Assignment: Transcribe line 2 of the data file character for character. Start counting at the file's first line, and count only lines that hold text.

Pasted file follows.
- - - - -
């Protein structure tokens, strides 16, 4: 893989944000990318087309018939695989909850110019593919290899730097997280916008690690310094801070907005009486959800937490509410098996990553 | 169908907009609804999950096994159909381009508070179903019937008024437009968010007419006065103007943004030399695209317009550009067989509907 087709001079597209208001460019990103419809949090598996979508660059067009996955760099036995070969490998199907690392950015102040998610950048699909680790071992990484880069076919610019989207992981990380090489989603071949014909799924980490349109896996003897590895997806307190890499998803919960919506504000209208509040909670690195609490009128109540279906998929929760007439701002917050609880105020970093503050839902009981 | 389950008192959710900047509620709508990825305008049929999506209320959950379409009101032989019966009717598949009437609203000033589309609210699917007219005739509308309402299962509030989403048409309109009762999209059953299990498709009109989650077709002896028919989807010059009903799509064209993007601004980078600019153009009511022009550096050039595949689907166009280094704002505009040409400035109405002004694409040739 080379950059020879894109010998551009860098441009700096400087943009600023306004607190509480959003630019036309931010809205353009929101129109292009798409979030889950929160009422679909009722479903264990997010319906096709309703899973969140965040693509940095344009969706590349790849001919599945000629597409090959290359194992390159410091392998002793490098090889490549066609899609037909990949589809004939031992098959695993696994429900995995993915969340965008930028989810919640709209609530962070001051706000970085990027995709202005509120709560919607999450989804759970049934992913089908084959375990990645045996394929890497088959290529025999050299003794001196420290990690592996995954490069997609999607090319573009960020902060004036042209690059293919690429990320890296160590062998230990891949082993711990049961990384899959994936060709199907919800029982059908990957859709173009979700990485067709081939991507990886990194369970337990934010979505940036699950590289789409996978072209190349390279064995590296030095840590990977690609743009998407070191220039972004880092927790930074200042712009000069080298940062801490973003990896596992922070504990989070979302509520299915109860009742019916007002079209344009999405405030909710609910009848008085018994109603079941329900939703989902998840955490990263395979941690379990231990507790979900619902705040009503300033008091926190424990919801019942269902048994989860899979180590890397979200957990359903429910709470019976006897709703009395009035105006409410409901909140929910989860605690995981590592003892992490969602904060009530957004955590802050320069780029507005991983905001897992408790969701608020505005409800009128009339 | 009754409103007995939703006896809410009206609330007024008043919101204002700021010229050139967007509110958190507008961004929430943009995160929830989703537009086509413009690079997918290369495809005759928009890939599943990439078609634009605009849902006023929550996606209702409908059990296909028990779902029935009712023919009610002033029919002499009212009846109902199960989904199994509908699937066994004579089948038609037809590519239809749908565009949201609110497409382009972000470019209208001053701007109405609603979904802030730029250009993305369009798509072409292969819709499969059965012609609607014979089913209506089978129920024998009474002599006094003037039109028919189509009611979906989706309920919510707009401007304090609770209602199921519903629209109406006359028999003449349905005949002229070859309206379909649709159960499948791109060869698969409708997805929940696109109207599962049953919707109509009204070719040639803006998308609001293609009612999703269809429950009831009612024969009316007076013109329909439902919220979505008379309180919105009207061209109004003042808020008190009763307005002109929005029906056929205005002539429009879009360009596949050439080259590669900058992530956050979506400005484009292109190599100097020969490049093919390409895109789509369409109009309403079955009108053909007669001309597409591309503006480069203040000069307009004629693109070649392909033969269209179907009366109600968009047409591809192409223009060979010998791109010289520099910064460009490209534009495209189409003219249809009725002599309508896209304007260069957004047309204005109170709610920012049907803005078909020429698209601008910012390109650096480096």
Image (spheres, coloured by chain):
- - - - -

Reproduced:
Image (spheres, coloured by chain):